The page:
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Title: Using a multiwavelength suite of microwave instruments to investigate the microphysical structure of deep convective cores.
Authors: Battaglia, A.
Mroz, K.
Lang, T.
Tridon, F.
Tanelli, S.
Tian, L.
Heymsfield, G. M.
First Published: 24-Aug-2016
Publisher: American Geophysical Union (AGU), Wiley
Citation: Journal of Geophysical Research: Atmospheres, 2016, 121 (16), pp. 9356-9381
Abstract: Due to the large natural variability of its microphysical properties, the characterization of solid precipitation is a longstanding problem. Since in situ observations are unavailable in severe convective systems, innovative remote sensing retrievals are needed to extend our understanding of such systems. This study presents a novel technique able to retrieve the density, mass, and effective diameter of graupel and hail in severe convection through the combination of airborne microwave remote sensing instruments. The retrieval is applied to measure solid precipitation properties within two convective cells observed on 23-24 May 2014 over North Carolina during the IPHEx campaign by the NASA ER-2 instrument suite. Between 30 and 40 degrees of freedom of signal are associated with the measurements, which is insufficient to provide full microphysics profiling. The measurements have the largest impact on the retrieval of ice particle sizes, followed by ice water contents. Ice densities are mainly driven by a priori assumptions, though low relative errors in ice densities suggest that in extensive regions of the convective system, only particles with densities larger than 0.4 g/cm(3) are compatible with the observations. This is in agreement with reports of large hail on the ground and with hydrometeor classification derived from ground-based polarimetric radars observations. This work confirms that multiple scattering generated by large ice hydrometeors in deep convection is relevant for airborne radar systems already at Ku band. A fortiori, multiple scattering will play a pivotal role in such conditions also for Ku band spaceborne radars (e.g., the GPM Dual Precipitation Radar).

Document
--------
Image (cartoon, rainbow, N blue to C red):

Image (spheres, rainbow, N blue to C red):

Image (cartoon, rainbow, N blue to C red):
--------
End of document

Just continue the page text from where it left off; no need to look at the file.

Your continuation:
DOI Link: 10.1002/2016JD025269
ISSN: 2169-897X
Version: Publisher Version
Status: Peer-reviewed
Type: Journal Article
Rights: ©2016. The Authors. This is an open access article under the terms of the Creative Commons Attribution License, which permits use, distribution and reproduction in any medium, provided the original work is properly cited.
Description: NEXRAD processing code is available from,, and AMPR processing code is available from
Appears in Collections:Published Articles, Dept. of Physics and Astronomy

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